The common practice followed is to begin immunizations of babies at two months of age. Anything earlier than this schedule will not achieve the desired purpose, due to the incapacity of the babies' immune system to respond adequately to majority of the vaccines. Now, according to a new study conducted by U.S scientists, there is a method to activate the immune response in newborns, with a certain type of molecule present at birth. The discovery of this molecule has been made lately.
This study has been published in the Journal Blood, which is optimistic of bringing down the rates of infant mortality by advancing the vaccinations at birth itself. Immunologists from the Children's Hospital, Boston, have zeroed in on a molecule, called Toll-like receptor 8, which could be activated to strengthen the immune responses and enable vaccination.
Dr Ofer Levy, lead researcher on the study and an immunologist from Harvard Medical School, said: "These are exactly the kinds of responses you need to get good vaccine responses. We believe we have stumbled across the molecular holy grail of neonatal immunology."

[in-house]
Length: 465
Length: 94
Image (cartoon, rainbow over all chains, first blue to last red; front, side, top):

Explaining about how these findings can have practical benefits, he said "In the Western world we tend to vaccinate babies at two, four and six months - this means that we leave a window of susceptibility. If we could come up with a way to get the system to work at birth, then you would close that window of susceptibility. And if a vaccine could be given at birth, you will achieve better vaccine coverage rates."
But Adam Finn, professor of pediatrics from Bristol University, said "This is an interesting observation about one aspect of a baby's immune system that appears to work quite well and which could, theoretically, be exploited to make vaccines more effective in the future. But it is important to remember that it is a preliminary observation."